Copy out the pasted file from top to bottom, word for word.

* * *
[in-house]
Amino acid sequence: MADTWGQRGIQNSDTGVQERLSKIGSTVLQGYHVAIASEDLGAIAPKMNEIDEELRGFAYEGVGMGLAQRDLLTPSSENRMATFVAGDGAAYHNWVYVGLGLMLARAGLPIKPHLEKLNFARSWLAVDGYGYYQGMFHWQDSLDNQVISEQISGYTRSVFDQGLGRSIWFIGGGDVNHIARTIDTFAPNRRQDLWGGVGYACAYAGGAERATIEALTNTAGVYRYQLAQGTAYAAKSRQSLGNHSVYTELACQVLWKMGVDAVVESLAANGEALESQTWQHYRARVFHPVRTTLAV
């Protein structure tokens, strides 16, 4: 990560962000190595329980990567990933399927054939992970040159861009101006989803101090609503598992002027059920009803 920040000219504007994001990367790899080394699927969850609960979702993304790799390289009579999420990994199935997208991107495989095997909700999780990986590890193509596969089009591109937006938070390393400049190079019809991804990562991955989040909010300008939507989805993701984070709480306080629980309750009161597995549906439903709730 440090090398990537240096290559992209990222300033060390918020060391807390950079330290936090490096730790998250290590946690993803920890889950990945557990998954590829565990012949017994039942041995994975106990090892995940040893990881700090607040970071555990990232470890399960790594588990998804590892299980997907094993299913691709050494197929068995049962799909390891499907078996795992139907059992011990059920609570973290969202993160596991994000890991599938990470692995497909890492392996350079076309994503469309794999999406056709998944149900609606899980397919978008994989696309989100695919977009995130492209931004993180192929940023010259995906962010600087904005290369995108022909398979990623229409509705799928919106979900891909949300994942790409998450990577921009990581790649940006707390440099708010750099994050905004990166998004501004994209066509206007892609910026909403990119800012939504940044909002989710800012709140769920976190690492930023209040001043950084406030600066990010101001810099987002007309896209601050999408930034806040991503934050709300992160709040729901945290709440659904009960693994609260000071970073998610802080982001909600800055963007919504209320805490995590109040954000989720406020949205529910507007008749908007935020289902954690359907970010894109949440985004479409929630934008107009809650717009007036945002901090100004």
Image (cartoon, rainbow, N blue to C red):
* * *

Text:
[in-house]
Amino acid sequence: MADTWGQRGIQNSDTGVQERLSKIGSTVLQGYHVAIASEDLGAIAPKMNEIDEELRGFAYEGVGMGLAQRDLLTPSSENRMATFVAGDGAAYHNWVYVGLGLMLARAGLPIKPHLEKLNFARSWLAVDGYGYYQGMFHWQDSLDNQVISEQISGYTRSVFDQGLGRSIWFIGGGDVNHIARTIDTFAPNRRQDLWGGVGYACAYAGGAERATIEALTNTAGVYRYQLAQGTAYAAKSRQSLGNHSVYTELACQVLWKMGVDAVVESLAANGEALESQTWQHYRARVFHPVRTTLAV
């Protein structure tokens, strides 16, 4: 990560962000190595329980990567990933399927054939992970040159861009101006989803101090609503598992002027059920009803 920040000219504007994001990367790899080394699927969850609960979702993304790799390289009579999420990994199935997208991107495989095997909700999780990986590890193509596969089009591109937006938070390393400049190079019809991804990562991955989040909010300008939507989805993701984070709480306080629980309750009161597995549906439903709730 440090090398990537240096290559992209990222300033060390918020060391807390950079330290936090490096730790998250290590946690993803920890889950990945557990998954590829565990012949017994039942041995994975106990090892995940040893990881700090607040970071555990990232470890399960790594588990998804590892299980997907094993299913691709050494197929068995049962799909390891499907078996795992139907059992011990059920609570973290969202993160596991994000890991599938990470692995497909890492392996350079076309994503469309794999999406056709998944149900609606899980397919978008994989696309989100695919977009995130492209931004993180192929940023010259995906962010600087904005290369995108022909398979990623229409509705799928919106979900891909949300994942790409998450990577921009990581790649940006707390440099708010750099994050905004990166998004501004994209066509206007892609910026909403990119800012939504940044909002989710800012709140769920976190690492930023209040001043950084406030600066990010101001810099987002007309896209601050999408930034806040991503934050709300992160709040729901945290709440659904009960693994609260000071970073998610802080982001909600800055963007919504209320805490995590109040954000989720406020949205529910507007008749908007935020289902954690359907970010894109949440985004479409929630934008107009809650717009007036945002901090100004």
Image (cartoon, rainbow, N blue to C red):